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Serving Sri Lanka

This web log is a news and views blog. The primary aim is to provide an avenue for the expression and collection of ideas on sustainable, fair, and just, grassroot level development. Some of the topics that the blog will specifically address are: poverty reduction, rural development, educational issues, social empowerment, post-Tsunami relief and reconstruction, livelihood development, environmental conservation and bio-diversity. 

Monday, October 17, 2005

Cheaper natural gas fired power goes waste

Daily Mirror: 15/10/2005" By Nisthar Cassim

US$ 365 m 300 MW project at Kerawalapitiya by Canada-US joint venture stuck allegedly due to CEB inaction

A landmark 300 MW natural gas fired power project proposed by a Canada-US joint venture that could offer cheaper electricity to the masses is stuck allegedly due to lack of serious interest to expedite it on the part of the Ceylon Electricity Board (CEB).

The project mooted by Canada’s BPH International and US Allen Borough Energy envisages an investment of US$ 365 million to build a natural gas fired power plant at Kerawalapitiya on a Build, Own and Operate and Transfer (BOOT) on a 20 year basis.

The power produced by the venture was to cost US$ cents 0.58 (Rs. 5.80) per kWh in the first five years and a lower price of US cents of 0.575 per kWh in the remainder of 15 years. This is considered as cheap compared with high cost fuel sucking thermal generation. For example in May 2005, the thermal unit cost for CEB was Rs. 8.83. The tariff would remain unchanged irrespective of fluctuations in the world market oil prices while there is absolutely no liability on the part of the Government with regard to any expenditure or providing feedstock.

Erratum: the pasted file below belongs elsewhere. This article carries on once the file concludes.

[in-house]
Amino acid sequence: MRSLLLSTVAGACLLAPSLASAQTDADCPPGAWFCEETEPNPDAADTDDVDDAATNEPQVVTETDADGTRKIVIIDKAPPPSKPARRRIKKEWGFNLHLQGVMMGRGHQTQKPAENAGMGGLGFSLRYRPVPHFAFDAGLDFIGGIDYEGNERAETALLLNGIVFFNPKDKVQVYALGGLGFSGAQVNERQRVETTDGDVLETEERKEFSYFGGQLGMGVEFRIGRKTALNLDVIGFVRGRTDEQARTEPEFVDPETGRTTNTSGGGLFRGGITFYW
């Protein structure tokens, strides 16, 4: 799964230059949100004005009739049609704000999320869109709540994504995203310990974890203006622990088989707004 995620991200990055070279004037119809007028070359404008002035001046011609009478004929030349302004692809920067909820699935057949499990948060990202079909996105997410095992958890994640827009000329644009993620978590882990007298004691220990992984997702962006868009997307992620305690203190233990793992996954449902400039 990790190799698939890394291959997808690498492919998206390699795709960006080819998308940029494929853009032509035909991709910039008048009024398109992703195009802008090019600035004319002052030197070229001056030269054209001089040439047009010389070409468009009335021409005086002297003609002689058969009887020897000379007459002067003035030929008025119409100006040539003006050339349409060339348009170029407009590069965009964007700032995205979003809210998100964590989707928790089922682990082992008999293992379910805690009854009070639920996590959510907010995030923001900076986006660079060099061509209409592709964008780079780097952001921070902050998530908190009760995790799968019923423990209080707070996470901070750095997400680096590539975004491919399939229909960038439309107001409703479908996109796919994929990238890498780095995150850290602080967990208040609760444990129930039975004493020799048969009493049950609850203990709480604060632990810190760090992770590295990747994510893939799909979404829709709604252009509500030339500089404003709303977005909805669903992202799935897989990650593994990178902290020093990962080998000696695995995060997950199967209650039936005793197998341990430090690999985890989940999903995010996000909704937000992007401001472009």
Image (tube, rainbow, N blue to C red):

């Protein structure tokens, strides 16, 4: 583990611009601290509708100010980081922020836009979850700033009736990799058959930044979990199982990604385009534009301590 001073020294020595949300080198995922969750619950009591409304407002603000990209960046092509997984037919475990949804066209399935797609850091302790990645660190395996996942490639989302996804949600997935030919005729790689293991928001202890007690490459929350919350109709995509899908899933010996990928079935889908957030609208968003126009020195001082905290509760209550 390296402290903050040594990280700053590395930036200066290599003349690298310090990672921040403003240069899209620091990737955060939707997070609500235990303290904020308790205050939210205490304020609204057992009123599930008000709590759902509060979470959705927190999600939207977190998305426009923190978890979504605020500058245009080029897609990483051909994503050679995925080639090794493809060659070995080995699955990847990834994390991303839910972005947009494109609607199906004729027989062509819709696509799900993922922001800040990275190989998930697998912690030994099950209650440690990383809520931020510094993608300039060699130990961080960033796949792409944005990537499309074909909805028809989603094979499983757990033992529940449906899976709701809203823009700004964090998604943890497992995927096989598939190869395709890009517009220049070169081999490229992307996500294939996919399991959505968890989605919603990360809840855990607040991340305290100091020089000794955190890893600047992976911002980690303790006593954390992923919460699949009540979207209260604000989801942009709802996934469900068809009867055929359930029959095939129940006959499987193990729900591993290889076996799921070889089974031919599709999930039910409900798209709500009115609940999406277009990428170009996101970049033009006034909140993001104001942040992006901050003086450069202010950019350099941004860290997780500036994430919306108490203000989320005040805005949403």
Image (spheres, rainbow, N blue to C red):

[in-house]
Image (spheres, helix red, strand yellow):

The Liquefied Natural Gas (LNG) was to be used as feedstock to power the two machines and the project was also to be first of its kind.

The developers had also agreed to request from the Sri Lanka Ports Authority to build a separate terminal offshore at Kerawalapitiya at an additional cost of US$ 40 million apart from the initial project cost of US$ 325 million.

The proposal was first mooted to the Government in February this year and received preliminary blessings and approvals from the Ministry of Industrial Development, Investment Promotion as well as the Board of Investment. The Cabinet has also authorized the CEB to evaluate all new power projects which have received BOI approval and report the position to the Cabinet on an urgent basis.

Sources said that it has been over two months since the developers had submitted their proposal and draft Power Purchase Agreement (PPA) to the CEB but it had not even acknowledged their receipt apart from delaying the approval.

“The promoters have put on hold necessary financing and equipment pending finalization of the PPA,” sources added. The undue delay and alleged indifference on the part of CEB has been a frustrating experience for the Canadian and US joint venture.

It was maintained that the saving to CEB from this ground breaking project would be between Rs. Rs. 7.7 billion and Rs. 10 billion per year or Rs. 2.93 and Rs. 3.77 per unit when compared with CEB as well as private sector generated electricity.


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